Chakrasana (Wheel Pose)
Urdhva Dhanurasana (Wheel Pose)

Tips for Beginners:

  • Modifications: If you’re new to backbends, consider practicing preparatory poses like Setu Bandhasana (Bridge Pose) and Bhujangasana (Cobra Pose) to build flexibility and strength in your back and core.
  • Alignment is Key: Pay close attention to your body alignment throughout the pose. Avoid hyperextending your neck or collapsing your lower back.
  • Listen to Your Body: Don’t push yourself beyond your limits. If you experience any pain or discomfort, come out of the pose immediately.

Unveiling the Benefits – A Journey Beyond the Physical

Chakrasana (Wheel Pose)
Urdhva Dhanurasana (Wheel Pose)

Chakrasana offers a multitude of benefits that extend far beyond the physical realm. Here are some key advantages to reap from practicing this powerful pose:

  • Enhanced Flexibility: Chakrasana deeply stretches and opens the entire front of your body, including your chest, shoulders, and hip flexors. This improved flexibility can translate into better posture and a wider range of motion in everyday activities.
  • Strengthened Core and Back: The pose engages and strengthens your core muscles, which are essential for maintaining good posture and stability. It also strengthens the muscles along your spine, promoting back health and reducing the risk of injury.
  • Improved Lung Capacity: By opening up your chest and rib cage, Chakrasana allows for deeper and more efficient breathing. This can lead to increased energy levels, improved circulation, and better overall well-being.
  • Boosted Confidence: Mastering a challenging pose like Chakrasana can be incredibly empowering. It instills a sense of accomplishment and self-belief that can extend beyond the yoga mat.
  • Stress Reduction: Backbends like Chakrasana are known to stimulate the parasympathetic nervous system, which is responsible for our relaxation response. Holding the pose can help to calm the mind, alleviate anxiety, and promote feelings of peace and well-being.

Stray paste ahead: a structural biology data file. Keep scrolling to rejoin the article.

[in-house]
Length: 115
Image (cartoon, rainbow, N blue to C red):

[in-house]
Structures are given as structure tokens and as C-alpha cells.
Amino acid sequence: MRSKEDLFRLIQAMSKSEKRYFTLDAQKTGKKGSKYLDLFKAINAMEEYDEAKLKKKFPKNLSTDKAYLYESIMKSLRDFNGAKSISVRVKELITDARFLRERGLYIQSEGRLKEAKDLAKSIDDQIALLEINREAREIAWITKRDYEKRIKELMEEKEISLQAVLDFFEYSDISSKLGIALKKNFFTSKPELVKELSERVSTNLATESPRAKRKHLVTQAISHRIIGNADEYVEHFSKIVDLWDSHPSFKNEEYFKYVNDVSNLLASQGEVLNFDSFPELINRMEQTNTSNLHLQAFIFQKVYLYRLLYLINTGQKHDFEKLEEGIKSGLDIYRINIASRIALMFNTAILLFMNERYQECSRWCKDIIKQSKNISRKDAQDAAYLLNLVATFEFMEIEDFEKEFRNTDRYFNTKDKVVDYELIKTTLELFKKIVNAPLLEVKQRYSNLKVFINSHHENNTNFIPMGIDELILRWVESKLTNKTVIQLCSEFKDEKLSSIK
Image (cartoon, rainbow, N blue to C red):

Chakrasana (Wheel Pose)
Urdhva Dhanurasana (Wheel Pose)
  • Improved Digestion: By gently massaging the abdominal organs, Chakrasana can aid in digestion and elimination. This can be beneficial for those who experience bloating, constipation, or sluggish digestion.
  • Stimulated Endocrine System: Chakrasana is believed to stimulate the endocrine glands, which regulate various hormones in the body. This can help to improve energy levels, mood, and overall hormonal balance.
  • Awakened Chakras: In yogic philosophy, Chakrasana is believed to activate and balance the various chakras, which are energy centers along the spine. This is thought to promote a sense of well-being and energetic flow throughout the body.
Chakrasana (Wheel Pose)
Urdhva Dhanurasana (Wheel Pose)

Unveiling the Contraindications

While Chakrasana offers a wealth of benefits, it’s important to be aware of its contraindications to ensure safe practice. Here are some situations where it’s best to avoid the pose: